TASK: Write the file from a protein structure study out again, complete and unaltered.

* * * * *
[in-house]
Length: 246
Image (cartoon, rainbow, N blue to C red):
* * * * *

[in-house]
Length: 246
Image (cartoon, rainbow, N blue to C red):